1. Undiagnosed or Misdiagnosed Sleep Disorders
Sleep disturbance can be both a cause and a symptom of mental health problems. But this relationship does not imply that sleep problems are always symptoms of a larger mood disorder. They might be indicative of a standalone sleep disorder, such as narcolepsy, sleep apnea, and more.
Because sleep patterns and mental health disorders are so intertwined, sleep disorders are often underdiagnosed or misdiagnosed as a myriad of other mental health conditions, such as ADHD in adults.
This also means that not all people who experience trouble sleeping have insomnia. What might look like insomnia might actually be delayed sleep phase syndrome (DSPS). Those with DSPS complain of consistently falling asleep later than desired and difficulty waking up at the desired time. This delay in sleep onset can lead to significant distress or impairment in social and occupational functioning. However, when we’re able to regulate our sleep schedule, the quality of our sleep can improve.
2. Lost Routines
Our body keeps its own routine by regulating our circadian rhythm. Circadian rhythms are biological clocks that regulate our sleep-wake cycle and other bodily functions like digestion and hormone release. Every living thing has a circadian rhythm, including plants, animals, and microbes.
While our body naturally regulates our circadian rhythm, it is strongly influenced by signals in our environment, like light. Most people’s circadian rhythm cycles with the sun: when there is more light, like during the day, we feel more awake. When there is less light, like at night, we feel drowsy.
But in our era of smartphones and easy access to digital information, this constant exposure to light can throw off our body’s natural sleep routine and affect our mental health. A lack of routine can lead us to feel stressed and disorganized.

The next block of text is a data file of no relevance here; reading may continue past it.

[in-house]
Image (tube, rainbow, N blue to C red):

However, we can structure our environment in ways that help our circadian rhythm do its job. Minimize blue light exposure by turning down your screen brightness, dim your light a few hours before bed, and stay in bright light during the day.
3. Lost Productivity
Understanding your body clock or chronotype can help maximize feelings of restfulness and productivity. Chronotypes are the behavioral manifestations of our natural circadian rhythms, which influences the likelihood that we’ll fall asleep at a particular time during a 24-hour period. Chronotypes depend on genetics, environmental influences, age, and more.
Chronotypes are generally separated into morning types and evening types, but there are variations. Our chronotype dictates when we like to wake up and when we have our greatest energy or feel the most productive.
A mismatch between our chronotype and environment can have detrimental effects and lead to a loss of productivity, which means our chronotype is important to consider when planning activities and tasks. If you know you’re an early riser and feel most productive before lunch, try to plan all your meetings and deadlines during that time, especially if you anticipate a crash in the afternoon. Ensuring a good fit between our chronotype and environment can help increase our productivity.